The group at the Swedish Defense Research Agency (Total försvarets forskningsinstitut, FOI), led by explosives expert Henrik Östmark, is aiming to change the nature of active ingredients like hydrogen peroxide in household and industrial products to stop them being used for criminal acts.
The FOI researchers hope that their work may produce results as soon as this year, making the ‘raw materials' of homemade bombs harmless without affecting the practical usefulness of the chemicals.
“Many of [the chemicals] do useful jobs in society, so it's no use banning them completely,” Östmark, FOI's head of research into energetic material with explosive properties, told SVT Nyheter.
“One example is hydrogen peroxide, which is used in bleach and disinfectants but also for bombmaking.”
The project aims to discover substances that function similarly to methylated spirits - which retain their flammable qualities but are undrinkable, reducing health risks.
The new chemicals must not be harmful to people or the environment and cost should also be taken into consideration - all significant obstacles, according to the SVT report.
“The technical challenges are big and there is not a lot of interest in changing things within the chemical industry,” said Östmark. “And it is also difficult to change the manufacturing process.”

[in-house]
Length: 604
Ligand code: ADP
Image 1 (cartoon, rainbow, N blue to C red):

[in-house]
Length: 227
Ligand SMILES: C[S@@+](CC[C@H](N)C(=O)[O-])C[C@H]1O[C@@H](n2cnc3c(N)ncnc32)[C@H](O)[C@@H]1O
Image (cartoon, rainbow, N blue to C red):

Östmark told Ny Teknik that he and his team have discovered a ‘gagging chemical' - the details of which remain under wraps - that inhibits hydrogen peroxide. But the chemical industry has so far only shown lukewarm interest, due to the more complicated production and shorter storage life of the new formula.
Östmark and his team are also working on a new technique for scanning for the chemical raw ingredients of bombs - enabling easier detection in public places like airports and railway stations.
The new scanning method would offer a new tool in the fight against terrorist attacks such as the ones seen in Brussels this week.
“The advantage of the new solution is that it can scan people as they pass through an entry, so it would not cause queues. It is small and not very visible,” Östmark told Ny Teknik.
“It could be installed at the entry to important sites, scanning everyone that passes through - unnoticed.”
Östmark also declined to reveal details about the technique - describing it as ‘an old technique, with new sensors' - but told Ny Teknik that he expects it to be on the market within five years.